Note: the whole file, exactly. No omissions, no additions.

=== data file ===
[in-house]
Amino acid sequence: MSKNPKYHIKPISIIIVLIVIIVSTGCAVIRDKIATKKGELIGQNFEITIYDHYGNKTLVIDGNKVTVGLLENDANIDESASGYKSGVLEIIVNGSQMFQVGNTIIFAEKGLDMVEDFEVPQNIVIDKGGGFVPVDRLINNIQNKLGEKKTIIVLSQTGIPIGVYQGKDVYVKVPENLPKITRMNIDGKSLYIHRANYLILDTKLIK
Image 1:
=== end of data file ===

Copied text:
[in-house]
Amino acid sequence: MSKNPKYHIKPISIIIVLIVIIVSTGCAVIRDKIATKKGELIGQNFEITIYDHYGNKTLVIDGNKVTVGLLENDANIDESASGYKSGVLEIIVNGSQMFQVGNTIIFAEKGLDMVEDFEVPQNIVIDKGGGFVPVDRLINNIQNKLGEKKTIIVLSQTGIPIGVYQGKDVYVKVPENLPKITRMNIDGKSLYIHRANYLILDTKLIK
Image 1: